Religion is a set of beliefs, values, practices and social institutions that form a common way of life for many people around the world. It usually involves a belief in supernatural entities, such as gods or spirits, and sometimes also deals with mystical or spiritual concepts.
The concept of religion has a long history. Its earliest origins can be traced to tribal totems, ancestor worship, and the creation of special deities based on natural forces or as guardians. These deities developed gradually into a variety of forms and often incorporated stories, rituals and rules of behavior.
Early definitions of religion were often quite narrow. They included the belief in a supreme deity, or in judgment after death, or in idolatry and so on. This definition excluded a wide range of peoples, and Edward Burnett Tylor argued that it had the fault of identifying religion with particular developments rather than with a deeper motive which underlies them.
Today, the concept of religion is defined in a range of ways. The most important approach, called monothetic, uses a single property to define the class of religions. In other words, the class is monothetic if all members of it have that property to a sufficient degree.
Other approaches, called polythetic, use a large set of properties to identify the class of religions. They also have a threshold number, or a minimum amount of the properties needed to be present in a given class in order for it to qualify as a religion.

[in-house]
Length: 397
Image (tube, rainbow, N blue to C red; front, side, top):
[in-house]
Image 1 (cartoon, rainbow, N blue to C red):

For example, Lincoln (2002) proposes four characteristics to define religion: the presence of a distinctive discourse that claims transcendent status; the existence of practices, communities and institutions in which those conceptions are embodied; the emergence of a religious worldview as a socially constructed reality; and the emergence of religious authorities or systems of governance which regulate, control, and discipline its members.
These features are not essential, but they are necessary and sufficient for Lincoln to see religion as a real thing. In addition, these four characteristics can appear only in a certain context–that is, in a society where the discourse has a special status that distinguishes it from other kinds of social practices.
Among modern scholars, the most common monothetic-set definition is that of J. Z. Smith (1982: ch. 1).
This definition of religion says that any group of people that has these four characteristics is a religion. The only reason a group of people is not a religion is because they don’t believe in the four characteristics to a sufficient degree.
Some people argue that religion is a human instinct, a feeling that answers certain emotional and psychological needs. Psychologists, for example, argue that many people turn to religion to give them a sense of meaning in their lives or a higher spiritual experience than they get from everyday life. Neuroscientists also believe that certain parts of the brain have circuitry for religious experiences.
The study of religion is complex and involves a number of different disciplines. Some of these disciplines include psychology, sociology, anthropology and neuroscience.